The Wal-Mart (or something) of Latin America
Matthew is a member of The Motley Fool Blog Network -- entries represent the personal opinion of the blogger and are not formally edited.
I’m sure by now investors are sick to death of this investing trope: the “Smaller Foreign Company-X is the Major US Company-Y of Emerging Market-Z”. Renren is the Facebook of China. Yandex is the Google of Russia. Arcos Dorados is the McDonald's of Latin America. I could go on and on. They are just phrases people say to get attention. Words that rarely ever mean anything. Renren isn’t really the Facebook of China. Yandex isn’t actually the Google of Russia. Although in the case of Arcos Dorados, it literally is the McDonald's of Latin America, so sometimes these types of descriptions are applicable.
At the risk of attracting the ire of those also tired of these types of descriptions, I present to you the Wal-Mart of Latin America … or the Safeway of Latin America. Maybe it’s the Home Depot of Latin America. The Macy’s of Latin America? Quite possible the Simon Malls of Latin America. It’s probably a little of all of those companies. Whatever you want to compare it to, I give you: Cencosud (NYSE: CNCO) the Something-or-Other of Latin America.
I can almost see some of your eyebrows rise in puzzlement. “Eh? Cencosud? Never heard of it. How do you even pronounce that?” If this is your first time hearing about the company, that wouldn’t be terribly surprising. It only started trading on the New York Stock Exchange less than two weeks ago (it previously was available only on the Chilean Santiago Stock Exchange). And it's likely that you didn’t see any of the talking-heads on CNBC mention Cencosud even once, because it didn’t go public though an incredibly overhyped IPO process. It instead came to life on the NYSE through a rather humdrum secondary offering of American Depositary Receipts (ADRs).
Since you are likely unfamiliar with Cencosud, I’ll give you a brief company overview before I tell you why I like this Something of Latin America (last time I’ll use that phrasing, I promise, scout’s honor). Founded in 1960, Cencosud is a retail conglomerate based in Chile. The company has operations in Chile, Colombia, Brazil, Argentina and Peru (a combined population greater than that of the United States). Cencosud has five primary business segments; supermarkets, home improvement, department stores, financial services (credit cards), and shopping centers. Cencosud owns 726 supermarkets across all four countries, 81 home improvement stores across Chile, Colombia and Peru, 47 department stores located all in Chile (with plans for expansion into Peru) and 25 shopping centers across Chile, Colombia and Peru.
Latin American still has an under-penetrated formal retail market, particularly in the food retail segment. This informal retail market can be categorized as small, local, independent and sometimes inefficient and underutilized. The mom-and-pop retailers of Latin America, if you will. Some reading this article might lament the demise of the mom-and-pop retailers in the United States. Whatever you feelings are on this subject, Latin American is overdue for a consolidation and transition to a more chain-store, department-store, big-box retail environment. It's going to happen. It's just a matter of who will be the ones to take advantage of this trend. Cencosud is positioned perfectly to profit from this transition, particularly in food retail.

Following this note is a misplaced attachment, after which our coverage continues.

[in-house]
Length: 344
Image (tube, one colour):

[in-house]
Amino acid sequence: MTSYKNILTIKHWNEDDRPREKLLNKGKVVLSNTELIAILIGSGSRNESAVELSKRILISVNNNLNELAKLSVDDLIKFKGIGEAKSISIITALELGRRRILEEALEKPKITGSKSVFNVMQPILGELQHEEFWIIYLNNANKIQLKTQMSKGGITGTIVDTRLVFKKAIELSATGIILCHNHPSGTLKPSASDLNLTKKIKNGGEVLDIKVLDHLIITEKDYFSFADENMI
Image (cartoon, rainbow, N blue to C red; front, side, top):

As I mentioned earlier, Cencosud completed a secondary offering two weeks ago. It's using most of the proceeds from this offering (the equivalent of about $725 million US) for the purpose of acquiring and further expanding their operations, in particular to Brazil and Argentina. Cencosud will be using the funds from the offering to pay for the acquisition of a Brazilian supermarket chain and to purchase UBS London’s stake in their Argentinian supermarket chain.
Investing in Latin American can be a high-risk proposition. There are ways, however, to significantly lessen that risk. One way is to invest in the right countries. Chile is among the single most stable, prosperous and business-friendly countries in all of South America. When the rest of the world faced the global downturn in 2008, Chile’s relatively small government, prudent economic policies, sound financial institutions, strong rule of law and little foreign debt allowed the country to rebound quicker and continued to grow faster. According to the CIA World Fact Book, Chile’s debt is only 9.4% of GDP as of 2011, one of the lowest percentages on the planet.
With the election of a center-right billionaire businessman as president in 2010, Chile continues to be the most business-friendly country in South America, and Forbes ranked it among the top 25 in the entire world. For those looking to invest in Latin America, Chilean companies like Cencosud are a great and safe way to play this emerging market.
WhichStocksWork owns shares of Cencosud S.A. American Depositary Shares and Arcos Dorados. The Motley Fool owns shares of Arcos Dorados. Motley Fool newsletter services recommend Arcos Dorados and The Home Depot. Try any of our Foolish newsletter services free for 30 days. We Fools may not all hold the same opinions, but we all believe that considering a diverse range of insights makes us better investors. The Motley Fool has a disclosure policy. If you have questions about this post or the Fool’s blog network, click here for information.